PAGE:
BY VAHNU MANIKCHAND
Residents of the neighbouring villages of Tucville and Lodge, Georgetown, on Monday afternoon participated in a clean-up exercise, as part of the diplomatic community-led Guyana Shines initiative.
Guyana Shines is an initiative by members of the diplomatic and civil society, including the United States Embassy, the British High Commission, the Canadian High Commission, the European Union Delegation in Guyana, Conservation International, and Youth Challenge.
On Monday, volunteers gathered on the lawns of the National Gymnasium before dispersing into the field. The volunteers comprised members/staff from the diplomatic community, the U.S. Ambassador D Brent Hardt, Georgetown Mayor Hamilton Green, ECHO Director Royston King and members of the Volunteer Youth Corps.
There were two groups; one went to clean the nearby surroundings of the gymnasium. The other group went to Tucville where they cleaned the surroundings of the Tucville Primary School. During these clean-up exercises, residents of these and surrounding areas participated in the initiative. The volunteers managed to get school children to participate in cleaning up the environment.
Guyana Times International caught up with the U.S. Ambassador Hardt, who noted that Guyana is known for its waterfalls, rainforest, and savannahs; however, the city of Georgetown could be cleaner as it was in the past, hence their efforts to keep the city clean. He said, “We are all in the diplomatic community here and we are all committed to Guyana and share the desire to see Guyana as beautiful and clean as it can be.”
The ambassador stated that they are hoping to educate young people, so that they can grow up taking care of their environment. He revealed that two weeks ago they went to 14 schools, starting with St Margret’s Primary School, to inform them about the importance of keeping our environment litter free.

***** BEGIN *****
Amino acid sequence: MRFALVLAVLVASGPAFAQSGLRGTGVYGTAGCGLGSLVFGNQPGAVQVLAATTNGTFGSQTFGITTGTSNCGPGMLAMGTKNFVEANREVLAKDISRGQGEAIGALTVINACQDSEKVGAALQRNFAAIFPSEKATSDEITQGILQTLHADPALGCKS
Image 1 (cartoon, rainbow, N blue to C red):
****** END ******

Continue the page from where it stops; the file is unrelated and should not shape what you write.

Hardt explained that all over the world, countries have the same litter problem; however, by being educated about its effects on the environment, this can be changed for the better. “It is a long-term process; but it had to start now and I think with the diplomatic and civil engagement, we are hoping that we can get more people from Guyana communities, schools, NGOs, and local and national governments to get involved to make Guyana a cleaner and more beautiful place,” said the ambassador.
ECHO Executive Director Royston King told this newspaper that this is a really good initiative that caters for the environment and its issues. He noted that when the Guyana Shines initiative started, ECHO facilitated the launching in the schools. “We played a really important part in mobilising the children, in getting them together, and to get them involved in this Guyana Shines Project,” he said.
King added that he is happy to be a part of what he calls a “practical demonstration of leadership”. He said he hopes seeing these diplomats going into communities and actually doing work would make local leaders “emulate… this type of leadership, attitude, and action so that we can all advance in the interest of not only Georgetown, but Guyana and so that we can say that Guyana shines not only for now, but always”.
Dozens of school children last Friday used chalk to express themselves in a drawing competition organised by the Russian embassy to mark International Child Protection Day.
The competition was held on the tarmac of the Burrowes School of Art, Carifesta Avenue, under the theme “May there always be sunshine”. The competition was a collaborative effort between the Culture, Youth and Sport Ministry, the Russian embassy and the Russian business community. More than 40 children from schools in Georgetown, Kwakwani, Kuru Kuru and Aroaima participated.